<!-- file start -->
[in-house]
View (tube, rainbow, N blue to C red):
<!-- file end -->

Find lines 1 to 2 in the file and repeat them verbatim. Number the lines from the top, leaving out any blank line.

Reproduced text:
[in-house]
View (tube, rainbow, N blue to C red):